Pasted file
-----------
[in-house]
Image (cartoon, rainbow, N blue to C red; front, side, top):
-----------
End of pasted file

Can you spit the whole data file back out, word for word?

[in-house]
Image (cartoon, rainbow, N blue to C red; front, side, top):